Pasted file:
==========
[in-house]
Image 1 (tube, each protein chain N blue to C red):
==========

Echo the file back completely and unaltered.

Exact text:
[in-house]
Image 1 (tube, each protein chain N blue to C red):